Rebuilt Lighthouse To Crown St. Clement's
Sunday, April 22, 2007
The lighthouse that guided ships safely past St. Clement's Island in the Potomac River for more than 80 years will rise from the island's shore once again, half a century after it burned to the ground.
Two barges hauled building materials to St. Clement's Island yesterday so construction crews can begin rebuilding the historic structure at the island's southern tip. The lighthouse will be a replica of the original, which operated on the "Birthplace of Maryland" from 1851 through 1932 and burned down in a mysterious fire in 1956.
Dick Gass, president of the St. Clement's Hundred, the nonprofit group that oversees preservation of the island and the rebuilding of the lighthouse, said the only thing different about the new landmark will be its location -- about 150 yards away from the original site, which has been undermined by erosion. The new lighthouse is scheduled to be completed this summer, he said.
"It will be literally identical because we were able to find the original request for bidding from the 1820s with every single detail included," Gass said. "There's not much mystery here like in St. Mary's City, where you have to try to figure out what these buildings looked like." St. Clement's Island was the site of the first landing by European colonists in Maryland.
The St. Clement's Hundred, which began as a spinoff of the local 7th District Optimist Club, started with a mission of planting flowers and picking up trash on the island. When Josephine Mattingly, the granddaughter of the longest-serving lighthouse keeper on the island, died, she left $5,000 -- half her assets -- to the group.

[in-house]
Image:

"We talked about a park bench or planting a tree with the money," Gass said. "It just kind of grew to the point that we were now looking at this huge project."
The plan to rebuild the lighthouse also came with a huge price tag, especially compared with the $3,500 it cost in the mid-1800s. The project's contractor estimated it will cost about $600,000, which will be funded through a combination of county, state and privately raised money.
The financial hurdle was so great that Gass said he initially was not sure the lighthouse could be rebuilt.
"We've had our doubting Thomases that we could actually do it, including yours truly," he laughed. "I never envisioned the number of issues that had to be overcome; I counted 15 bureaucracies involved."
The project finally started to come together when Don Cropp, a general contractor with Colony Builders, volunteered to help. Cropp attended a lighthouse conference to learn about historically accurate building materials and found other people who would donate time and materials to keep costs down, said Sam Brown, a member of the St. Clement's Hundred.
Once completed, the lighthouse could be a major source of revenue for the county, Gass and others said. Piney Point Lighthouse a few miles south draws 8,000 visitors a year, and the Cove Point and Drum Point lighthouses in Solomons are also popular tourist attractions.
Deborah Pence, director of the St. Clement's Island-Potomac River Museum, said the lighthouse will help attract more people to the museum, which operates a water taxi between the island and the mainland.
"Having a physical structure that represents an important part of the history of the island will be great for us," Pence said. "It gives us another teaching and tourism opportunity."